To mark the release of Vortex, the new feature by France-based Argentine provocateur Gaspar Noé, Picturehouse at FACT have invited the director to programme a brand new film season. Gaspar Noé Presents is a personally curated selection of films, each relating to the narrative, formal and collaborative elements of Vortex.
Noé is known for his brand of challenging, extreme cinema, with films such as Irreversible, Enter the Void and Climax combining disturbing moments of sex and violence with phantomasgraphic, hallucinatory imagery. His latest stars master Italian director Dario Argento (in his first starring role) alongside Françoise Lebrun as an elderly couple beset by the terrors of dementia, disease, and the prospect of death.
It’s been touted as something of a departure for Noé, a sobering kind of horror dedicated “to all those whose brains will decompose before their hearts”. As such, the selection of films chosen for the film season at FACT is perhaps more varied than long time fans of the director might expect.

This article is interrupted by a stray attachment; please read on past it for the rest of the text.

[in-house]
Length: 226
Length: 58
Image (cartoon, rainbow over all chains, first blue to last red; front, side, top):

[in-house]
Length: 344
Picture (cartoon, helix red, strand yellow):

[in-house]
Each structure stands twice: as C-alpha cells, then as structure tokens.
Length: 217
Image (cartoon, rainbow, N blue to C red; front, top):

Gaspar Noé Presents starts on Monday 16 May with Dario Argento’s 1970 debut film, The Bird with the Crystal Plumage – a lurid serial killer flick which would help define the Italian giallo. Staying in Italy, Argento’s film is followed by Vittorio De Sica’s 1952 neorealist masterpiece Umberto D. (Mon 23 May), in which an elderly pensioner, alone except for his dog, strives to make ends meet during the post-war economic recovery of the 1940s.
The remaining films continue to focus on the theme of ageing. Yasujiro Ozu’s iconic 1953 Tokyo Story (Mon 30 May) is a nuanced portrait of an elderly couple ignored by their children, but embraced by their widowed daughter-in-law. While Michael Haneke’s 2012 Cannes Palme d’Or winner, Amour (Mon 6 June), takes a bleaker look at a retired couple’s battle with illness.
Noé’s season concludes with one of Hollywood’s most recognisable portraits of ageing, Billy Wilder’s suffocating 1950 Tinseltown noir, Sunset Boulevard on Monday 13 June. Starring Gloria Swanson as former silent cinema siren Norma Desmond, Wilder’s film delves into darkness and decrepitude, for a tragic tale of a forgotten star.